Just before the New York Stock Exchange went public in 2005, 1,366 brokers held seats, and now that’s down to only about 800, The New York Times reports. And in the next several weeks, the NYSE plans to close two trading rooms, reducing the trading floor to half the size its was at its peak in the 1990s.
Some even believe the NYSE is being reduced to a backdrop for financial TV shows, with most trades moving to electronic trading networks. In fact, as recently as 2004, 80% of trades for the stocks listed on the exchange took place on the floor, and today that’s less than 50%. Specialists now take part in only one out of every 30 trades, down from one out of seven five years ago.
“It is certainly not as crowded as it used to be,” said Doreen Mogavero, a floor broker.
“The floor as we knew it is dead,” said James Angel, an associate professor of finance at Georgetown University. “The old days when Billy would trade with Vinny and swap information about orders so that they could get a better price for their customer are gone.”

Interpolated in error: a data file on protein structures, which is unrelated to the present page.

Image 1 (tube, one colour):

As an indication of the demise of the NYSE, one of the most prominent specialist firms at the exchange, LaBranche, reported a loss of $370 million in the second quarter.
“Until the specialists and the brokers can make a satisfactory return on their investment on the floor, everything is in question,” said Patrick Healy, chief executive officer of Issuer Advisory Group. “Whether the floor can survive is a 50-50 proposition. The answer is, we’ll know soon.”
But executives at the 104-year-old exchange maintain its future is certain. “We intend to have the floor as part of our market model as far as we can see out into the future,” said Duncan Niederauer, president of NYSE Euronext, the parent company of the NYSE. “There are certain things that computers can’t do.” Niederauer also said that he doesn’t expect the NYSE to reduce the size of its floor any more.